Not only is Jhonny Peralta the worst base runner among shortstops, he's the worst by a mile. No shortstop is touching Peralta when it comes to ineptitude on the base paths. Over this time period, Peralta has been the 21st worst base runner in all of baseball. He's slightly better than an aged Kevin Millar and slight worse than a glacial, even by catcher standards, Dioner Navarro. It's unfair to compare those players directly because Peralta has so many more plate appearances and has actually been better on a per 600 PA basis. However, just to give you an idea of how bad Peralta has been, I decided to line him up against one of the most famous sloths in all of baseball: Adam Dunn. I chose Dunn because the idea of Dunn outrunning anyone is a very amusing image to me and also because he has a similar number of plate appearances to Peralta since 2005.The following chart shows how the two compare over the last nine seasons:
|Player||Plate Appearances||Stolen Bases||Caught Stealing||Stolen Base%||BsR|
From this comparison we can gather that Jhonny Peralta probably isn't as slow as Adam Dunn, but he is an absolutely dreadful base stealer which makes him cost his team more runs with his legs. Also we should give credit where credit's due and acknowledge that Dunn has stealthily stolen bases pretty well for a man of his dimensions.
Although a lot of Peralta's lack of base running value comes from his boneheaded attempts to steal, it's clear that this is a guy without much in the way of speed or quickness. How is a guy is like that supposed to man a position as athletically demanding as shortstop? Apparently, reasonably well. Since Jhonny Peralta's debut in 2003 his UZR of -2.8 rates 21st among 40 shortstops with 5000+ innings in the field. Peralta is pretty much exactly your average shortstop, slightly below average perhaps, although -2.8 runs over 9990.2 innings hardly seems that significant.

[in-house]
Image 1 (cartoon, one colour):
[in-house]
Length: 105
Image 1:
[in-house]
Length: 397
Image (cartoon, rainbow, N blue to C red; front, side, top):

Things get more interesting when we break that UZR down into its base components. For shortstops UZR is made up of "Double Play Runs", "Range Runs," and "Error Runs". Looking at these individually we can see where Jhonny Peralta's strengths as a defensive shortstop lie. The answer won't surprise you. Beside each value I've put in brackets Peralta's rank among the sample of 40 shortstops that I specified above.